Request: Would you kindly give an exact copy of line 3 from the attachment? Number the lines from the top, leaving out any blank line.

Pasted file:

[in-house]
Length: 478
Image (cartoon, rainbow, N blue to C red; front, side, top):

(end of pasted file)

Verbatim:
Image (cartoon, rainbow, N blue to C red; front, side, top):